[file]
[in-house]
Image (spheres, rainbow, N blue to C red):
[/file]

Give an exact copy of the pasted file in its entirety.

[in-house]
Image (spheres, rainbow, N blue to C red):